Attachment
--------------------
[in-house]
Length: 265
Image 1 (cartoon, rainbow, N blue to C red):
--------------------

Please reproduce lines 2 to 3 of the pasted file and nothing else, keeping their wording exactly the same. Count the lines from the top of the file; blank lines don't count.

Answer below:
Length: 265
Image 1 (cartoon, rainbow, N blue to C red):